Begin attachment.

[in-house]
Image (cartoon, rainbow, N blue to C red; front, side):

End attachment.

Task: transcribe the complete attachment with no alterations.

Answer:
[in-house]
Image (cartoon, rainbow, N blue to C red; front, side):